The US Navy and Marine Corps have made naval aviation history by landing the F-35B Joint Strike Fighter (JSF) test aircraft BF-2 on the USS Wasp’s (LHD 1) flight deck, the first at-sea vertical landing for the Marine Corps’ F-35 JSF version.
Marine Corps test pilot Lt. Col. Fred Schenk landed BF-2 at 3:12 pm on Monday. “It was exactly like we predicted,” said Schenk. “But that’s because of all the hard work and extensive preparation done by the Wasp and JSF team.”
The first vertical landing is part of the initial ship trials for the F-35B, which started on Monday and is expected to last two weeks. The tests are scheduled to collect data on the aircraft’s ability to perform short take-offs and vertical landings on a ship at sea, as well as determine how the aircraft integrates with the ship’s landing systems, and deck and hangar operations.
This test period, the first of three scheduled at-sea test periods over the course of the development program, will also collect environmental data on the deck through added instrumentation to measure the F-35B’s impact to flight deck operations.
“The first at sea vertical landing is a huge milestone,” said Marine Corps Col. Roger Cordell, military site director for F-35 test and evaluation at Naval Air Station Patuxent River. “We’re still early in this test period, and we expect to learn a lot more, but this is a great step toward delivering the capability to the fleet.”
Wasp spent time in a shipyard earlier this year, preparing for the F-35 test period; adding specialized instrumentation to measure deck environmental effects.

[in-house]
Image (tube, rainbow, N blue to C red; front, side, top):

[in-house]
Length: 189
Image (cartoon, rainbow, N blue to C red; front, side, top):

“It is no small feat to put together sea trials,” said Vice Adm. David Venlet, F-35 Program Executive Officer. “This test was planned to happen on 3 October back in early spring of this year and the team delivered on schedule. Signs of dependable performance are emerging across broad aspects of the development program. Professionals from the Navy, Marine Corps and industry team of Lockheed Martin, Northrop Grumman, BAE Systems and Pratt and Whitney and Rolls Royce continue to work tirelessly to deliver this aircraft to the fleet.”
“Every time an aircraft is first tested at sea we learn a great deal and the data collected from this event will inform us about the further development work necessary to successfully integrate the F-35B on large-deck amphibious ships. By all accounts, we’re off to a great start today,” Venlet said.
The F-35B is the variant of the Joint Strike Fighter for the U.S. Marine Corps, capable of short take-offs and vertical landings for use on amphibious ships or expeditionary airfields to provide air power to the Marine Air-Ground Task Force. The F-35B will replace Marine AV-8B Harriers and F-18 Hornets and is undergoing test and evaluation at NAS Patuxent River prior to delivery to the fleet.
In addition to being the first ship to successfully land the F-35B, USS Wasp was also the first ship to host the V-22 Osprey during shipboard trials in October 2007.
Lockheed Executive Vice President Tom Burbage last month said testing of the troubled fighter, which has suffered delays and cost overruns, was progressing well this year and Lockheed could soon make the argument that risks were coming down and production could begin to rise. He said the plant would be producing up to four planes a month by next spring.
The F-35 is the Pentagon’s largest weapons procurement project. The military plans to purchase 2,443 of the aircraft through 2035 at a total cost of some US$385 billion. U.S. allies overseas plan to buy some 700 planes.